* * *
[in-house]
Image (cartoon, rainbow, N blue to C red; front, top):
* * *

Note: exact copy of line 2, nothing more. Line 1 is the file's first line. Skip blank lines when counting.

Image (cartoon, rainbow, N blue to C red; front, top):